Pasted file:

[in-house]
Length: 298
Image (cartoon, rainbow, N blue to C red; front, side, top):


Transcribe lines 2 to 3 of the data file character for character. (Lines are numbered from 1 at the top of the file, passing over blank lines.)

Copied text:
Length: 298
Image (cartoon, rainbow, N blue to C red; front, side, top):